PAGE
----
Anahid Nersessian claims that her book is a kind of love story between her and Keats’ odes. But it turns out we have to take her word for that. Too often this study comes off like an acrimonious couple’s counseling session.
The voice in Field Music is disciplined, its cagey earthiness unfailingly engaging our attention.
Poet Paul Celan has come to embody in person and in print the agonies of a half century of European culture.
Donald Levering’s poems exhort us to be less left-brained, to side more often with intuition, creativity, flights of fancy.
Keats is comfortable in that ambiguous space between reality and the imagination, and you will find no finer example of Romantic poetry when he fuses them in the language of an erotic dream.
The two books reviewed here represent the launch of the reborn Black Sparrow Press under the auspices of David R. Godine, Publisher. Very exciting. Let’s give them a big warm Boston welcome!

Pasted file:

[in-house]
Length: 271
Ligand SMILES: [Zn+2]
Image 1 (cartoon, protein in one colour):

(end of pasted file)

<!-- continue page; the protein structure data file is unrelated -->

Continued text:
In these poems, contemplation, serenity, and service are the order of the day.
Rowan Ricardo Phillips attempts to combine a woke perspective with his vast knowledge of poetry from the past.
Wherever Robert Hass is, the poet drinks in (and reports to us) the details of place and human activity.
It’s hard to think of a contemporary poet who has engaged so passionately and devotedly, over many decades, with a single forebear.